Clouds and Thunder

We had rain this weekend in Southern California – lovely, beautiful rain. We’re in a serious drought here and in the last 48 hours I think we’ve had more rain than we’ve had all year. And not just our usual version of rain, which is actually drizzle, but pouring, drenching rain, and thunder.

At one point on Saturday afternoon, as I was standing at my living room window looking out at the vault of clouds over the Los Angeles basin, and listening to the thunder roll, heralding another downpour, I thought of the third hexagram in the I Ching (“Book of Changes”), zhun or difficulty: “clouds above, thunder below”.

And I also thought of the commentary on the I Ching by Chih-hsu Ou-i (1599-1655), who began as a Ch’an (Zen) monk, but later gave it up to devote himself to Pure Land practice as taught by the T’ien-t’ai school. He was a prolific author, composing numerous commentaries, liturgies, and translations, including an interpretation of the I-ching.

zhun_hexagramIn the zhun hexagram, the upper three lines represent water, and the lower three, thunder.  But Confucius, who began the tradition of explaining the images or symbols, rendered the hexagram as clouds and thunder.  In Chih-hsu Ou-i’s interpretation (Chou i ch’an chieh), he offers this commentary on the image:

Clouds and thunder. Leaders set things in order.

To observe that the continuum of consciousness is not bound by time and cannot be found in the past, present, or future, and to observe that it is not interior, nor exterior, or in the middle, and that no one knows its home, this is setting meditation in order.

From the Buddhist perspective, when separated from one’s real nature of subtle realization, radiant and indefinable, the aspect of ignorance moving thought is ‘thunder’ and the false impressions of reality caused by ignorance are ‘clouds.’ When clouds and thunder fill up, this establishes the continuum of ignorance and this is difficulty.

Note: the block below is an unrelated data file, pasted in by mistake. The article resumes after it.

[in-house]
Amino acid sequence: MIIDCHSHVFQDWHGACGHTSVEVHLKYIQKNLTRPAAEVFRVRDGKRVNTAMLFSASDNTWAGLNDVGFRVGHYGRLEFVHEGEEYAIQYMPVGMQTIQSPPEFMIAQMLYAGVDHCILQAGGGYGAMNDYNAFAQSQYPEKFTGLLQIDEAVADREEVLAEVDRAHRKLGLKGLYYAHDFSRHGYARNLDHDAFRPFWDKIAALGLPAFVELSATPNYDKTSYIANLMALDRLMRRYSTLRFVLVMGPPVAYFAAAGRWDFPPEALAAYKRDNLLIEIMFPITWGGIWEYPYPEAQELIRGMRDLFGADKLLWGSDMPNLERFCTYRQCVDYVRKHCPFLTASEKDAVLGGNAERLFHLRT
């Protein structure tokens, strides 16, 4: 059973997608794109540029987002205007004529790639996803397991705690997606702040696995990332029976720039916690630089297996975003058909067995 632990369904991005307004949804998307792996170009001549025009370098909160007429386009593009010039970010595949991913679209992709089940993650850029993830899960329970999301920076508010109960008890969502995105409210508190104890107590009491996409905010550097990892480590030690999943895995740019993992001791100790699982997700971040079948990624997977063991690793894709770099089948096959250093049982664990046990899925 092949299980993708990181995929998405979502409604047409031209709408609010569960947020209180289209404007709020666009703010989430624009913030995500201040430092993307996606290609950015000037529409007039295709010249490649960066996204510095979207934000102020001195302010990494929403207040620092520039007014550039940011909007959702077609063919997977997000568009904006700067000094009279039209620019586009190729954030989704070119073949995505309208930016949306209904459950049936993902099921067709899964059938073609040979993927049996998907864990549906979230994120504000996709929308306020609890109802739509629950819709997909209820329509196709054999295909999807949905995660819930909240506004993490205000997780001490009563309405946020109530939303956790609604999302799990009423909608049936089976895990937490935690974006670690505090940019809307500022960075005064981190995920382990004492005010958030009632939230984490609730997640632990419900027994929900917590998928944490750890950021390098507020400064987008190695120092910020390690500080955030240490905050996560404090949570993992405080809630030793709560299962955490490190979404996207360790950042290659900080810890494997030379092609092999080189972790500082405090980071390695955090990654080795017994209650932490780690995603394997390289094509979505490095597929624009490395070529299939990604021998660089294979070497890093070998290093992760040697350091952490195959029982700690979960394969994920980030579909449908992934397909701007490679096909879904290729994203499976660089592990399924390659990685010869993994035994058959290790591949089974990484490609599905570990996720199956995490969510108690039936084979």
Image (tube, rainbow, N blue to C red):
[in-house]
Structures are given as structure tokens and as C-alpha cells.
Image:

Those who resolutely practice stopping and seeing (chih-kuan or samatha-vipassana) must walk the path to find their way home. They should understand that within the movement of thought, there is the nature of insight capable of realizing its own nature, and even the false impressions can stimulate the arising of this realization.

With regards to causes and conditions and the insight that encourages awakening, to explain how to check the wandering mind, realize the true nature of reality and perceive the essence of all states of mind, is ‘setting things in order.’ It is the supreme insight, the sphere of the inconceivable.”

In nature, clouds and thunder mean rain.  Water in this hexagram represents trouble or difficulty.  The rain this weekend was difficult for many folks here, with mudslides, flooding, and power outages.  But the rain also brought a temporary end to the drought.  So, rain can bring difficulty, and it can bring benefit.

In Chih-hsu Ou-i’s commentary, we see a similar principle. The very things that are occasions for the rise of passion and clinging (nimitta), are also capable of giving rise to insight and wisdom. This is what Nagarjuna meant when he wrote in the Treatise on the Prajna-Paramita Sutra, “In seizing and clinging things, wrong notions may arise. But if all is abandoned, how can awakening be realized at all?”


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